Armored Thunderbolt: The U.S. Army Sherman in World War II by Steven Zaloga

By Steven Zaloga

  • Hundreds of photographs, together with many by no means released earlier than with riveting money owed of armored struggle in global struggle II
  • Compares the Sherman to different tanks, together with the Panther and Tiger
  • Author is a world-renowned professional at the Sherman tank and American armor

    Some tank crews noted the yankee M4 Sherman tank as a "death trap." Others, like Gen. George Patton, believed that the Sherman helped win international battle II. So which used to be it: loss of life seize or battle winner? Armor professional Steven Zaloga solutions that query through recounting the Sherman's strive against historical past. concentrating on Northwest Europe (but additionally together with a bankruptcy at the Pacific), Zaloga follows the Sherman into motion on D-Day, one of the Normandy hedgerows, in the course of Patton?s race throughout France, within the nice tank conflict at Arracourt in September 1944, on the conflict of the Bulge, around the Rhine, and within the Ruhr pocket in 1945.

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    Extra info for Armored Thunderbolt: The U.S. Army Sherman in World War II

    Sample text

    By way of comparison, new European medium tanks such as the French S-35 and German PzKpfw III had armor that could withstand 37min antitank fire and centered their armament around a powerful main gun. The most startling design to emerge after the Spanish Civil War was the Soviet T-34 tank, which entered production in 1940. Soviet tank "volunteers" had served in large numbers in Spain, and their experiences convinced Soviet tank designers that a future tank had to withstand infantry antitank guns while at the same time being capable of defeating enemy tanks.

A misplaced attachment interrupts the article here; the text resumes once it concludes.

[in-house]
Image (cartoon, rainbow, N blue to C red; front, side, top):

It took far less time to cast a complex structure than to fabricate it out of multiple plates of steel, making casting attractive under the time pressures imposed by the war. The most ambitious casting effort on the M3 medium tank project was the M3A1 version of the tank, whose entire upper hull was made out of a single large armor casting. Another of the innovations pioneered by the M3 medium tank was the use of welding to replace riveting on tank armor. The M3A3 used a welded hull and was powered by a GM 6046 diesel engine instead of the gasoline engines used in the M3 and M3A1 versions.

    This M3 on exercise on Perham Downs in England in December 1942 shows the later-production configuration with the lengthened M3 75mm gun, deleted side doors, and the counterbalance under the 37mm gun indicating that the tank has been fitted with gun stabilization. Senior army leaders, under pressure from Roosevelt's ambitious tank program, overruled Devers. The army wanted an adequate tank now, not a perfect tank sometime in the indefinite future. As a result, the M3 medium tank was produced in far larger numbers than originally planned and remained in production even after the start of M4 Sherman production simply to fill out the outrageously high demand for medium tanks.

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